What is pdf?
PDF is a “fixed-layout document format” designed to preserve document fidelity, providing device-independent document appearance. PDF is a database of objects. PDF file is a Self-contained, quickly and easily created, Compact and able to compress document.
Brief History of PDF?
In 1991, Adobe cofounder Dr. John Warnock launched the paper-to-digital revolution with an idea he called The Camelot Project. The goal was to enable anyone to capture documents from any application, send electronic versions of these documents anywhere, and view and print them on any machine. By 1992, Camelot had developed into PDF. Today, it is the format trusted by businesses around the world.
Advantages of PDF
- PDF is good when the file is destined for printing, and the precise printed page layout is important, or when there are images which should be rendered at high resolution on the printed page.
- PDF is useful for taking fancy newsletters which are designed for the printed page, and making them available online without much hassle.
- PDF format is currently useful for math and special symbols, until MathML and better internationalization is widely supported for HTML.
Drawbacks of PDF
There are significant challenges to working with information received within a PDF. By its nature, PDF is not an editable document format – even though the appearance of a PDF document mirrors what you might see in a Microsoft Word document, it cannot be changed, revised or manipulated easily. This is so because the PDF is simply an image of a document, it is almost impossible to edit.
However, this can be easily worked around by converting the PDF to Word, Excel or other editable file formats. Able2Extract assists users in converting their PDF documents into editable Word documents and formatted Excel spreadsheets.
- PDF user has no choice of line length. At a nice font size the page often doesn’t fit on the screen. Reading 2-column output requires either a small font or lots of up-and-down scrolling. Headers and footers and page breaks get in the way.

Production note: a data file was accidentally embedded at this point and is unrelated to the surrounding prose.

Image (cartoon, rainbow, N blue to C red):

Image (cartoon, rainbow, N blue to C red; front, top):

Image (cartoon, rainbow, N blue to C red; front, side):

- Your audience is limited with PDF because it doesn’t work on all platforms – e.g. handheld browsers. It requires extra software and takes more memory and CPU power, which is a problem for older computers.
- Images are embedded, so they aren’t easy to pull out as a .jpg or .gif file for reuse.
- Hyperlinks work badly. Relative hyperlinks are generally preferable but don’t work on some platforms. Putting it all in one file to avoid this handicap makes it slower and harder to just read one part of the document.
- PDF files are usually larger than a simple HTML version.
- PDF documents are harder to reuse since they are not an editable source format and the formatting instructions are gone.
- PDF “Security” is sometimes viewed by producers as a useful feature, but it is mostly useful “for keeping honest people honest”. Anything that someone can view on the screen can be captured for use elsewhere, so it won’t protect you from plagiarizers, etc. Features like printing or saving to a file can be made more difficult, but simply can’t be prevented.
The Future of PDF
Despite PDF won’t be obsolete in the short term (5-10) years because of the huge demand on printing, document archiving and document exchange (where fidelity is important) PDF doesn’t seems to have any competition on the market right now.
However, what’s more likely to happen, in the coming few years, is that PDF will gradually be replaced, by many uses, as more responsive technologies are available for mobile screens. For example, it’s common to use PDF for electronic forms, but it’s possible that these PDF forms will be replaced with HTML web forms in the next few years as more and more companies go HTML5 crazy. Of course, even this won’t replace PDF forms entirely, it’ll just mean a reduced reliance on PDF for this particular use case.
For reading electronic books (eBooks) and interactive learning, using PDF files doesn’t make any sense. In fact, PDF has never been the optimal format for e-books. Whereas, EPUB or another file format like “Kindle” designed specifically for e-books will definitely replace PDF in the future. Given that, a lot of digital consumption is shifting to other devices, on the expense of PDF’s.
HTML is the New Kid in the Block?
- Programs that create PDF are less available or cost more money than programs to produce HTML.
- PDF information is less accessible than HTML, e.g. for those with vision impairments.